24 November 2010

NOK: Financial Gauge Analysis for the September 2010 Quarter

Nokia Corp. (NYSE: NOK and HEL:NOK1V) earned 0.14 per diluted share on an IFRS basis in the September-ending third quarter of 2010, up from a loss of €0.15 per share in the same quarter of 2009. 

The loss in the year-earlier quarter was primarily the result of Nokia writing off €900 million of intangible assets.
A previous article examined in some detail Nokia's Income Statement for the September quarter.  Reported earnings doubled the €0.07 per share we had forecast.

We have now updated the various financial metrics we use to analyze Cash Management, Growth, Profitability and Value.  This post reports on the metrics for Nokia and the associated financial gauge scores.  The metrics were calculated using data from Nokia's current and historical financial statements.

Before getting into the details, we will take one step back to introduce the subject of today's analysis.

A Finnish company with a rich history, Nokia Corporation has been the leading global producer of mobile phones since 1998.  The company also sells the network infrastructure that supports these phones. 

Nokia's annual profit fell from €4.0 billion in 2008 to €891 million in 2009.  Net Sales dropped from €50.7 billion in 2008 to €41.0 billion in 2009. 

Global economic weakness certainly had a negative effect.  However, Nokia's most visible problem has been its inability to stem the success of Apple's (NASDAQ: AAPL) iPhone, which was first introduced in 2007.  The Blackberry product line sold by Research in Motion (NASDAQ: RIMM) and, more recently, smartphones based on the Android architecture promoted by Google (NASDAQ: GOOG) have also become popular at Nokia's expense.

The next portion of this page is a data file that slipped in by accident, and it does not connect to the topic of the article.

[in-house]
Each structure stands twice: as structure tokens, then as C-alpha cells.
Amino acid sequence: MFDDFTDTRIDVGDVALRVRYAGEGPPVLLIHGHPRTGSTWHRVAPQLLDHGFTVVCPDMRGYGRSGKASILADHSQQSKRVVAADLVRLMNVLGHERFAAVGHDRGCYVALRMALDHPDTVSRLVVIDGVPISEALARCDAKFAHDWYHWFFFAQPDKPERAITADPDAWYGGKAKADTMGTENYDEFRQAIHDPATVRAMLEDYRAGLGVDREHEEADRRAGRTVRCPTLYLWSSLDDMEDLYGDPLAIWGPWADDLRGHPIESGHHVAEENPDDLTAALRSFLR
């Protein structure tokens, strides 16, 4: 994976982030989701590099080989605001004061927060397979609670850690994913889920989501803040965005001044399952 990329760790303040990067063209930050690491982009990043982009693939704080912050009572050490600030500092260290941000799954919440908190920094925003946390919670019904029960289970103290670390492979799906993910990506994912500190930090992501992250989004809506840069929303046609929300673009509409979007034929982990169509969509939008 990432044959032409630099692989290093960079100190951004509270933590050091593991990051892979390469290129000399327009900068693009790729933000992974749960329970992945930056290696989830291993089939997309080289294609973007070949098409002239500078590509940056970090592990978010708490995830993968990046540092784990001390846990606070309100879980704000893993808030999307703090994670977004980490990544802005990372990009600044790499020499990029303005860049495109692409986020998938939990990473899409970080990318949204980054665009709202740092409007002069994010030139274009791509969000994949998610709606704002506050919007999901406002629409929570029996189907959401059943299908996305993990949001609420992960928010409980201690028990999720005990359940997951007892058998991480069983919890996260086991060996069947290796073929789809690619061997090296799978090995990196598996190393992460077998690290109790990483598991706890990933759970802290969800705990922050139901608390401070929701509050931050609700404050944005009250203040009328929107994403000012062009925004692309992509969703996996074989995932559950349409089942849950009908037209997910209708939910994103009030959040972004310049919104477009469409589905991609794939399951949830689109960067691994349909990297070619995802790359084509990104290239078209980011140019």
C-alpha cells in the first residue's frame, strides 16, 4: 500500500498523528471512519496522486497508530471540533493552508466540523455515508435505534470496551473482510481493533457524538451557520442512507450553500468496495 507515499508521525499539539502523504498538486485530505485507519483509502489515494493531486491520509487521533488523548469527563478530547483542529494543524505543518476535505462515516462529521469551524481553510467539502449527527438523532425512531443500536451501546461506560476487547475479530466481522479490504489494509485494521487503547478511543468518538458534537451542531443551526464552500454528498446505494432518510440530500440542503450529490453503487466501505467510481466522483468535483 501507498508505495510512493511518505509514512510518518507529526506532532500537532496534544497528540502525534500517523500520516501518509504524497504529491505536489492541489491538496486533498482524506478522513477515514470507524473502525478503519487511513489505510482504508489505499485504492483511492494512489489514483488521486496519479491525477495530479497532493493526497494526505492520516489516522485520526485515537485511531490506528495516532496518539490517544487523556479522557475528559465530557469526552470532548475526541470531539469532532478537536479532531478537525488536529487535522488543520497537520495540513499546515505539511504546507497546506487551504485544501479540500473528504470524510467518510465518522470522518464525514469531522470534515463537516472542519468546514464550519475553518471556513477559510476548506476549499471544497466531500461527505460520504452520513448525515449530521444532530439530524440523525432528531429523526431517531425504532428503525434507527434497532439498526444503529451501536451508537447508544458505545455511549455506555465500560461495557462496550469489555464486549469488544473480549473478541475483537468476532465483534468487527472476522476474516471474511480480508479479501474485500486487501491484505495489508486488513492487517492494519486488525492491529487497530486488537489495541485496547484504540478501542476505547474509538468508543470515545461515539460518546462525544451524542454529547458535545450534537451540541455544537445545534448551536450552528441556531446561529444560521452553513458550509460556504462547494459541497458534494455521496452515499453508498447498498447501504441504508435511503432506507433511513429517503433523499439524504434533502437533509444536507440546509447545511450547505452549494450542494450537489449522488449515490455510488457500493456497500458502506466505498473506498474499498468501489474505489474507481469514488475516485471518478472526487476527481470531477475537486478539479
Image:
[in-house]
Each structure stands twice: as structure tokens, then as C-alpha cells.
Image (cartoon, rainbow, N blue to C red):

In the latest and most dramatic attempt to regain its competitive position, Nokia announced on 10 September 2010 that it would replace its Chief Executive Officer with Mr. Steven Elop, formerly of Microsoft (NASDAQ: MSFT). 

Additional background information about Nokia and the business environment in which it is currently operating can be found in the look-ahead.

In summary, Nokia's latest quarterly results produced the following changes to the gauge scores:

The current and historical values for the financial metrics that determine the gauge scores are listed below, with some brief commentary.  Readers are encouraged to verify these figures and calculate others as they see fit.

Cash Management30 Sep 201030 Jun 201030 Sep 20095-yr Avg
Current Ratio1.
LTD to Equity28.5%27.7%32.0%9.6%
Debt/CFO (years)
Inventory/CGS (days)27.426.331.026.9
Finished Goods/InventoryN/AN/AN/AN/A
Days of Sales Outstanding (days)67.771.380.863.3
Working Capital/Revenue19.6%18.6%12.7%17.8%
Cash Conversion Cycle Time (days)29.831.439.030.6
Gauge Score (0 to 25)1919510

The changes in the Cash Management metrics were generally minor in the third quarter, resulting in a steady gauge score.

Nokia issued much more long-term debt in late 2008 and early 2009 that it had previously.  However, the debt, now about €4.3 billion has not changed much over the last year.  At less than 30 percent of shareholders' equity, the debt level does not seem excessive.  The combination of long-term and short-term debt only amounts to about 18 months of the company's cash flow. 

The company holds more cash and other liquid investments that it has debt.  The debt might help Nokia manage cash flows across numerous currencies.